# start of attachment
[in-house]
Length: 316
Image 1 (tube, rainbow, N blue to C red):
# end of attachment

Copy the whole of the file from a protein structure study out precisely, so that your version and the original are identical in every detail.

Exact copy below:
[in-house]
Length: 316
Image 1 (tube, rainbow, N blue to C red):